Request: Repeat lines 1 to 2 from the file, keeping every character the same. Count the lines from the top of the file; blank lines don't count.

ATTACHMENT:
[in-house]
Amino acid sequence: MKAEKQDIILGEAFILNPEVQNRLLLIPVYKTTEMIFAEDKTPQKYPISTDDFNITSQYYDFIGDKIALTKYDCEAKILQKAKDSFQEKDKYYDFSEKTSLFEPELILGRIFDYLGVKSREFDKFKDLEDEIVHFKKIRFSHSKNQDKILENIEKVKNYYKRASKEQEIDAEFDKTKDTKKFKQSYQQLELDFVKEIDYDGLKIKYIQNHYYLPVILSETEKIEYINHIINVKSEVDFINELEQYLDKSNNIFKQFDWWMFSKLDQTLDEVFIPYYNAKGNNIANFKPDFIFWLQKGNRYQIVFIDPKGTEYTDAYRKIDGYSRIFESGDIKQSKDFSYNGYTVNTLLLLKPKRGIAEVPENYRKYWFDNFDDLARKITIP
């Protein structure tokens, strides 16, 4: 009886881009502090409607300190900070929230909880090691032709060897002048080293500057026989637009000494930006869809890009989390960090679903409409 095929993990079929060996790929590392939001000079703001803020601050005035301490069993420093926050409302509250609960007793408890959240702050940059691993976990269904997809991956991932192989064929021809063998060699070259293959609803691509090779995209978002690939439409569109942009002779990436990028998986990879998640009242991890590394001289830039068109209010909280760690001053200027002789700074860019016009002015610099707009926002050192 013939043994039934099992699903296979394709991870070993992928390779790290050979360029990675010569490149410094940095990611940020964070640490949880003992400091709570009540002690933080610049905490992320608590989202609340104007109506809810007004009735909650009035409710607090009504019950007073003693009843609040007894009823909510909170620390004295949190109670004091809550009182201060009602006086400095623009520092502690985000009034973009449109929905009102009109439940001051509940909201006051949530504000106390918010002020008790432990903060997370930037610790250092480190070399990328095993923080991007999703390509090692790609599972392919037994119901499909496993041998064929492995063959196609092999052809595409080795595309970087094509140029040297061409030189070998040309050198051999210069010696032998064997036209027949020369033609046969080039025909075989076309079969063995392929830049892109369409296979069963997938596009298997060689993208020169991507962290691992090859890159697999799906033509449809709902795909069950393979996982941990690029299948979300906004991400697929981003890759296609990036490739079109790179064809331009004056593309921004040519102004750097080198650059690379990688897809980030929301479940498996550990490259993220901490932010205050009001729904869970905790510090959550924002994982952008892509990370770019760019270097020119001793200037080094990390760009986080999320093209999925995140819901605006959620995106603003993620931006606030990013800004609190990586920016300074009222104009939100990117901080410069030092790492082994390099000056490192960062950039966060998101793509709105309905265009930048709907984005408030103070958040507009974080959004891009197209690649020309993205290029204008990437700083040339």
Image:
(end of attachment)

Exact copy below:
[in-house]
Amino acid sequence: MKAEKQDIILGEAFILNPEVQNRLLLIPVYKTTEMIFAEDKTPQKYPISTDDFNITSQYYDFIGDKIALTKYDCEAKILQKAKDSFQEKDKYYDFSEKTSLFEPELILGRIFDYLGVKSREFDKFKDLEDEIVHFKKIRFSHSKNQDKILENIEKVKNYYKRASKEQEIDAEFDKTKDTKKFKQSYQQLELDFVKEIDYDGLKIKYIQNHYYLPVILSETEKIEYINHIINVKSEVDFINELEQYLDKSNNIFKQFDWWMFSKLDQTLDEVFIPYYNAKGNNIANFKPDFIFWLQKGNRYQIVFIDPKGTEYTDAYRKIDGYSRIFESGDIKQSKDFSYNGYTVNTLLLLKPKRGIAEVPENYRKYWFDNFDDLARKITIP